Maryland’s seafood industry and recreational fishing in the Chesapeake Bay depend on consumers’ confidence that fish, oysters, and clams from the Chesapeake Bay and its tributaries are of the highest quality. MDE’s fish and shellfish programs put a strong emphasis on preventing pollutants from entering the waters of the State, monitoring the quality of shellfish harvesting waters, and testing edible fish tissue to certify that fish are safe for human consumption.
Past usage and inappropriate disposal of persistent organic substances have resulted in elevated levels of some hazardous substances in waterbodies near major urban centers. Certain fish in these waters, due to their feeding habits, metabolic activity, age and fat content, may accumulate these substances to levels which may be harmful to people consuming these fish frequently throughout their lifetime. The current advisories are the result of contamination due to past use of chlordane and PCBs, which are now banned.
Per- and Polyfluoroalkyl Substances (PFAS) are a family of thousands of human-made
chemicals that are found in a wide range of products used by consumers and industry since the 1940’s. PFAS have been used in a variety of applications including in stain- and water-resistant fabrics and carpeting, cleaning products, paints, and fire-fighting foams due to their resistance to grease, oil, water and heat. Many PFAS are persistent in the environment and can bioaccumulate. The widespread use of PFAS and their ability to remain intact in the environment means that over time PFAS levels from past and current uses can result in increasing levels of environmental contamination which may bioaccumulate throughout the food chain. Understanding the occurrence of PFAS compounds in various environmental compartments (e.g., air, surface water, groundwater, and land) and the routes of human exposure (e.g., in drinking water or in foods such as seafood) is a growing area of science, as environmental and public health professionals seek to better understand the risks to human health posed by PFAS.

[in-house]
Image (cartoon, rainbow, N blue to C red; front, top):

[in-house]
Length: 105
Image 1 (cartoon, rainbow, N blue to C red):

The presence of humans in any watershed increases the potential for an adverse impact on shellfish water quality. Impacts range from large and small sewage treatment facility’s discharges and bypasses from sewage pumping stations, to failing septic systems and increased runoff from development and farm animal operations. Where sewage outfalls already exist, closed safety zones surrounding these outfalls are mandated and necessary to protect human health.
Please direct questions or comments about MDE's Fish and Shellfish Programs at (410) 537-3818.